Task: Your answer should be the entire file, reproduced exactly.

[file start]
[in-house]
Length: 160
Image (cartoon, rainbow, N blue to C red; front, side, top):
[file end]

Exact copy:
[in-house]
Length: 160
Image (cartoon, rainbow, N blue to C red; front, side, top):